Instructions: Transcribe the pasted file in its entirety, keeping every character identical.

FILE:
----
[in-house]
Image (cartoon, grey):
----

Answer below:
[in-house]
Image (cartoon, grey):